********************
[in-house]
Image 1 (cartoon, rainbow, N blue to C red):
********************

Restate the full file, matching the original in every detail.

[in-house]
Image 1 (cartoon, rainbow, N blue to C red):